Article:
Even he still gets excited by that rock, and he’s worked with the Geological Survey for years.
“Oh man,” he exclaimed as he looked at it earlier this spring. “You can actually see some of the pore space. You can actually see openings in the rock. You can’t always see that.”
Before the library was established in 1980, the Geological Survey kept its cores and samples in a Quonset hut behind the UND football field. Longtime State Geologist Ed Murphy recalled that it lacked heating, an inconvenience for geologists from Houston who would sometimes visit the chilly facility in winter and attempt to wet the rock to see it better.
“They were always complaining that it would freeze up on them,” he said.
Today’s geologists can run a number of tests on rocks from the library. One room is equipped with black lights to detect oil fluorescence, a yellowish glow that indicates the presence of oil within a rock.
Nesheim and Bader like to tell the story of how, in the days before the black light lab, Whiting Petroleum packed a number of geologists into one of the library’s windowless bathrooms. They closed the door for complete darkness before shining a black light on some core.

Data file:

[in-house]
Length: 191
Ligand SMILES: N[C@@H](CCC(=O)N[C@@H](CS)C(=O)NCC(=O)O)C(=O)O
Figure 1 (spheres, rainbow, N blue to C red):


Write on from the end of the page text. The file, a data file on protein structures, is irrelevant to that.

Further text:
Their work paid off, as it led the company to discover the potential for oil development in the Pronghorn formation near Dickinson.
Activity at the library has slowed over the past year amid the coronavirus pandemic, which halted travel, causing demand for oil to plummet and sending prices crashing.
The downturn gave library staff time to catch up photographing all the rock that overwhelmed the facility during the boom days of the Bakken rush. They took 30,000 photos last year to upload online, accessible to other geologists via a subscription service.